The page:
Did you know ancient readers read aloud? Ancient writing was continuous sentences called Scriptio Continua(4) which lacked punctuation, upper or lower case, or word separation. Reading was aloud, mostly as a group activity.
One of the earliest recorded silent readers was St Ambrose, Bishop of Milan, from 374 AD.
St Augustine wrote his observation that Ambrose, ‘When he read, his eyes scanned the page and his heart sought out the meaning, but his voice
was silent and his tongue was still.’(5)
St Jerome, another learned monk from the fourth century, was also a silent reader.
In the West, it wasn’t until the early Middle Ages, beginning in the seventh century, when the separation of words began(6) that reading transformed from group readings out loud to a silent, private activity. With Gutenberg inventing the printing press around 1439, books became easier to own and literacy more widespread.
But Is Reading Truly Silent?
The modern average reader sub-vocalises as they read; they silently listen to the sound of the words while reading.
And it’s sub-vocalisation that limits your reading rate. You are trapped into a reading speed no greater than the rate at which you can hear and process spoken word.
Almost everyone sub-vocalises, or hears an inner reading voice.
It is a carry-over from when we first learned to read by sounding out words and reading aloud. (And no, we don’t need to say the words to understand the words. Your brain is capable of direct eye to mind transfer of meaning.)
If you consult Guinness Book of World Records(7) you’ll find the fastest talker was clocked at 655 words per minute (wpm) in 1995. Speed readers still sub-vocalise, but they minimise its impact. Only some of the words are heard mentally as they read. This enables them to read and comprehend above 1,000 wpm.
How Do You Minimise Sub-Vocalisation?
Simple answer . . . by reading too fast to hear all the words! With the right techniques, it is as simple as it sounds. Can you read the following sentence?
Eye sea two feat in our rheum.
If you heard this sentence spoken aloud rather than reading it, you might experience less difficulty to make out meaning.
The sounds make sense but the spellings do not.
This demonstrates how the meaning of the written word does not come from sound of the words but from the spelling or the ‘look’ of the word.
Words are recognised on sight, therefore we do not have to sub-vocalise to understand the meaning.
Do We Read With Our Eyes Or Our Brain?
When we scan a landscape, our eyes cannot move smoothly. They jerk and jump along spasmodically.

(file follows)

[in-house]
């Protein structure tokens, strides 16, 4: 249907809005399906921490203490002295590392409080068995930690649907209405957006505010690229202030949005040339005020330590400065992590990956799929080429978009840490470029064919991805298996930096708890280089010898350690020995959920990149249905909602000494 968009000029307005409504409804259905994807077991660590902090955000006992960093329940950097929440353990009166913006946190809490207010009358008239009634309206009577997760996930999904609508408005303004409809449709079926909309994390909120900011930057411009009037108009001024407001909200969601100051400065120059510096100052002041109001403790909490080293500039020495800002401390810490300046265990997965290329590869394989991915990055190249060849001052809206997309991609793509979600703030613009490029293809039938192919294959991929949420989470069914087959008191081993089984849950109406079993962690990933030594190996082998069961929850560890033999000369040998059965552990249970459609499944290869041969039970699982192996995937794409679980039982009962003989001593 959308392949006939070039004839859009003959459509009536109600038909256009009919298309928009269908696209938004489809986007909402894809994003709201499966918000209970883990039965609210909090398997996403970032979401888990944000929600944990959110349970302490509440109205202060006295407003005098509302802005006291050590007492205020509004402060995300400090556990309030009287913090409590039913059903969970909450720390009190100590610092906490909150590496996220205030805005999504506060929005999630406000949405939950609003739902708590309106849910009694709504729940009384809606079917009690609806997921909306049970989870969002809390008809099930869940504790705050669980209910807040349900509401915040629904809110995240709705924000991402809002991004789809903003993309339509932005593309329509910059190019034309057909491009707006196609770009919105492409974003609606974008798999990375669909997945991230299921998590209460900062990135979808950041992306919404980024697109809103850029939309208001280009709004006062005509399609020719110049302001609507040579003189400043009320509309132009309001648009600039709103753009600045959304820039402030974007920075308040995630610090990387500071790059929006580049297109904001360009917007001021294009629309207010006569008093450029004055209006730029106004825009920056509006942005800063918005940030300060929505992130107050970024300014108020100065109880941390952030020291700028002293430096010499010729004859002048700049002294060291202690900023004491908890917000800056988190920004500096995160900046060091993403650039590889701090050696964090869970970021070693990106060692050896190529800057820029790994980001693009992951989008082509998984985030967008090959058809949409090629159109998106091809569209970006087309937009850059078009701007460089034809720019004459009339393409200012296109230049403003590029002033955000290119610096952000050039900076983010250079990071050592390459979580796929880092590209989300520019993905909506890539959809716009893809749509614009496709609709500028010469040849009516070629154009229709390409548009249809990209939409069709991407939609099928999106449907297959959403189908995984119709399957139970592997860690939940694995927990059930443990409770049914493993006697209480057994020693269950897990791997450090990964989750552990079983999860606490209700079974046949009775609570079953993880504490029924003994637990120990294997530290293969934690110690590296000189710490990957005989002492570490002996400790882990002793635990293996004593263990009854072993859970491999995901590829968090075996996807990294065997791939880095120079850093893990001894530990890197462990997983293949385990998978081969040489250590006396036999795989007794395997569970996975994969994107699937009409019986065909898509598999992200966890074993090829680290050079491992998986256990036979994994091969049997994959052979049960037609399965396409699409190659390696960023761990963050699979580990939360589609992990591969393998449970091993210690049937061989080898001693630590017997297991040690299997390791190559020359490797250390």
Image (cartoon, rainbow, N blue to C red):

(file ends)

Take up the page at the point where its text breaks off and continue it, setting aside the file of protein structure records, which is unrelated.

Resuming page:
No amount of mind-over-matter training will change the fact that unless the eyes are fixed on an object in motion they are tracking — a bird, a car, a moving finger — the eyes will not move continuously.
When looking around a room, your eyes move from one point of focus to another and perceive different visual information at each resting-point.
Your brain constructs a stable and coherent image of the room in your mind, despite your eyes constantly moving from point to point.
While your retina is registering changing fragments of a room one at a time, your brain perceives the room as one integrated, perceptual whole.
Lack Of Eye-Movement Fluency
Have you ever watched someone’s eyes as they’re reading? If you observe someone reading, you’ll notice a stop and start motion while they read.
That problem is called lack of fluency.
It’s like a learner driver whose car kangaroo hops down the road; rather than a skilled driver who drives in one smooth direction.
Lack of fluency slows down your reading rate.
The technical term for this jerky motion is ‘saccade’ (from a French word meaning ‘jerk’). So when the average reader reads they experience a jerky, saccadic eye movement.
Here’s a simple demonstration.
Close one eye and gently touch its eyelid by placing the base of your hand on your chin then let your fingertips lightly rest over the eyelid.
With your other eye, slowly trace a line from left to right.
Can you feel jerking movements of the closed eye as it moves in synch with your other one?
Spot The Blooper
Next time you are watching a film or video and the scene calls for the actor to gaze at a moving object, observe . . . do the eyes follow smoothly or do they jerk along?
If eye movement is smooth and stable, the actor had a moving object for their eyes to track. If eye movement is spasmodic, then the director committed a film-making blooper!
Another problem with eye movement is regression. Regression is where the eye flits back and rereads part of a word.
It’s almost imperceptible; most people don’t even know they’re doing it; you can’t see it with the naked eye. Eye movement cameras can measure the number of regressions the reader makes per page. They teach this in optometry school.
Did you know the average reader regresses around 50 or 60 times per page? And it slows down reading rate.
Imagine driving down a suburban street, continuously stopping at each intersection, backing up a car-length before moving on. It’s a time-waster.
How many words do you see at one time while you read? Probably only one word at a time, the one you’re reading? A problem of the average reader is they see only one word at a time, perhaps two or three, with a narrow focus.
That’s called fixation.
Speed readers can read whole lines at a time; that’s around ten words at a time.
In fact, there’s a Chinese saying referencing speed reading, ‘one eye, ten lines’ or 一目十行.(8) Learning to speed read shifts you from reading individual words to reading ideas. That’s where you save time as well.
You can increase your reading speed significantly by learning techniques to overcome the poor reading habits of:
- lack of eye-movement fluency
If you spend 30% of your time at work or study reading and you double your reading rate, you’ve just freed up an additional 15% of time for other things — or you can read more in the same amount of time.